The same applies to pensions. In many cases, even when rebated commission is declared and tax paid, it is still more cost-effective and boosts the tax-free cash lump sum.

Your report does make mention of this option but what it fails to appreciate is the workings of commission rates themselves. If independents take no commission, what is the amount which will be rebated into the contract?

Currently, as you know, there is 100 per cent of Lautro rates and then enhancements. If I am on an enhanced rate, then the client has this benefit if commission is rebated. If I am identified as independent, the life offices will in future presumably blanket all of us under the 100 per cent rate.

If this is to happen, then a “salesman&#39” would, in theory, be able to give the same client a better deal on the same product. This is perverse.

In essence, your report is much more concerned with what may be called the minutiae instead of the broader picture. Do you really think it is going to make a substantial difference to people&#39s savings habits if you footle around with definitions and remuneration of advisers?

Do you really think that reducing the tax incentives will have no effect on the overall savings ratio? (Dr Ros Altmann disagrees with you).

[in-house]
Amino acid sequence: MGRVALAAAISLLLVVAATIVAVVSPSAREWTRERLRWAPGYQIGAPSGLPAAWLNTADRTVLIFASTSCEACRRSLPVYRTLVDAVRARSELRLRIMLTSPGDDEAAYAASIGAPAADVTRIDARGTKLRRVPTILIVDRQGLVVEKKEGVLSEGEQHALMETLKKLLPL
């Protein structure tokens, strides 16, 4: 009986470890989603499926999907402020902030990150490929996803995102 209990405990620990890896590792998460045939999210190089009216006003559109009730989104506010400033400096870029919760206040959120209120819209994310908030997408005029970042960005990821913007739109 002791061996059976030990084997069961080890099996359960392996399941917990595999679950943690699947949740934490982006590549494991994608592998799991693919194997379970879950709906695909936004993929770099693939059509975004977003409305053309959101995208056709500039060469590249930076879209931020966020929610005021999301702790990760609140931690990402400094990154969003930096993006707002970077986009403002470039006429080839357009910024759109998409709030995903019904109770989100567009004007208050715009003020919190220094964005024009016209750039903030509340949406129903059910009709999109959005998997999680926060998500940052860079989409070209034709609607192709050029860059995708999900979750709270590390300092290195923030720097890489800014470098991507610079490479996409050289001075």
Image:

Do you really think it is more important to have margins so thin that providers are not incentivised or indeed able to survive rather than ensuring the correct ambience (macro economically) to encourage people to save? Unless you have addressed the broader issues, it would seem to most rational minds that the detail will remain an unachievable irrelevance.

In the UK, we make much of the fact that our European neighbours will not be able to sustain their pension liabilities. Meanwhile, they continue to do so and our pension benefits continue to decline.

We have the highest social taxes in Europe with the least social benefits. We now send our sick to France who have an infinitely better health service than we do. Many of us in the UK choose to pay premiums to a private medical insurer so we do not have to spend 10 hours in a hospital corridor awaiting treatment rather than spend the same amount on adding to our savings or pensions.

Then there are those of us who choose to send our offspring to private schools. Of course, this ignores the fact that even less ambitious parents will now have to find money to help their children through college if they do not wish graduates to exit with unsustainable debts (see 5 above).

These considerations surely must have an affect on the savings ratio and your long and expensive report seems to entirely ignore the real world. It would seem that many an undergraduate could have produced something of more worth. No doubt your reward will come in January.